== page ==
Citizen DNA Barcode Network: A Community-based Infrastructure for Monitoring Biodiversity and Disease Vectors

  • Abstract

    In collaboration with the New York Hall of Science (NYSCI), the DNA Learning Center (DNALC) of Cold Spring Harbor Laboratory (CSHL) proposes to develop a **Citizen DNA Barcode Network**. The project will organize national campaigns to map the ranges of species within three groups of insects: ants, mosquitoes, and beetles. These groups include bioindicators of environmental change, vectors of human disease, and economically important species whose ranges are being altered by global climate change. Citizen scientists will use the technique of DNA barcoding, which allows non-experts to identify almost any insect species, even from larval forms or damaged samples. The project is based on an integrated biochemical and bioinformatics workflow we have developed to support DNA barcoding in formal education settings. Our current SEPA project, *Barcode Long Island,* has undertaken DNA barcoding campaigns in the formal education system—with high school students documenting local biodiversity and the northward range expansion of several insects—novel evidence of global warming. Data collected by citizen scientists will contribute to the scientific record in two ways: 1) Barcode sequences will be published in GenBank, the authoritative DNA database, and to species-specific databases. 2) Occurrence data will be contributed to the Global Biodiversity Information Facility (GBIF) to expand existing range maps. A multi-faceted evaluation program will develop novel survey instruments to assess the impact of participation in citizen barcoding projects on attitudes toward biodiversity on global climate change.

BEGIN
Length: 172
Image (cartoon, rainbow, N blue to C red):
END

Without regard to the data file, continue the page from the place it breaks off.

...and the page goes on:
Associated SEPA Project(s)